In his second assignment of error, defendant argues that the trial court erred when it required him to pay costs incurred by the state for expert witness fees. At trial, the state called two expert witnesses to testify about the results of the blood tests in relation to the issue of paternity. Defendant argues that neither witness was appointed by the court and that the testimony of the second witness was cumulative of the first expert's testimony. Our review of the court record reveals no order appointing the witnesses. Defendant urges the application of ORS 109.256(2), which provides: "The fee of an expert witness called by a party but not appointed by the court or administrator shall be paid by the party calling the witness but shall not be taxed as costs in the action."(5) The state relies on ORS 109.155(4), which it provides in part: "The court may grant the prevailing party reasonable costs of suit, which may include expert witness fees, and reasonable attorney fees at trial and on appeal." The language referring to expert witness fees in ORS 109.155(4) was added in 1989 and applies to proceedings brought under ORS 109.124 et seq.(6) Statutes that purport to conflict should be read in a manner that will harmonize their import, in the absence of persuasive indication that the legislature meant the later-enacted statute to prevail over an unrepealed statute. Harris v. Craig, 299 Or 12, 15 n 1, 697 P2d 189 (1985). Here, when read together, the statutes require the state to obtain a court order approving the appointment of expert witnesses before it can recover the costs of such a witness from a defendant under ORS 109.155(4). Because there is no order in the record appointing the expert witnesses, the trial court erred in entering judgment against defendant for their fees.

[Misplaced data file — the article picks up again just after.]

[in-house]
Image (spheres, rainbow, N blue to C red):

The third error that defendant assigns is the award of attorney fees. Defendant argues that there is no evidence that the 70.6 hours expended by the state's attorney in the litigation of this matter were neither reasonable or necessary. The record includes a statement for attorney fees presented by the state suggesting factors the court could consider in determining the reasonableness of the request and a detailed activity report describing the time performed on each task leading to and including trial. We hold that the trial court's ruling awarding attorney fees was within its range of discretion in light of the record.